Thankfully, the Douglas fir out back pledges to keep a little green amid all the gray of winter. Lighting a lot of candles helps with the early darkness, and in just two weeks, the days start getting lighter instead of darker. In the mean time, I have things to do.
With NaNoWriMo over, I dutifully put my novel away and told myself not to look at it until January. Everybody says wait to revise, anywhere from a few weeks to a year. I lasted until last Friday. NaNo gave me momentum; I couldn't bear to lose that now, or to shift my energy to another project and wind up putting this one on indefinite hold. Out came the file, and I used up the rest of our copy paper printing the manuscript and started re-reading and marking off the scenes.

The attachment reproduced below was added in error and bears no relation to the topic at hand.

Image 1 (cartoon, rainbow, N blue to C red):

As some of the authors' sites I've visited recommend setting a date for the completion of revision, I've chosen March 20, the first day of spring. Arbitrary? Maybe, but March sounded about right anyway. That gives me a focus and purpose for these winter months, when even with the furnace running almost constantly, my hands and feet stay cold. I'll write scenes and slash poor lines and fix plot problems--of which I have noted sixty--as fast as my chilly fingers can manage.
For the single most helpful article I've found on revising a novel, click over to this page by Holly Lisle. Second place goes to Steve Thompson.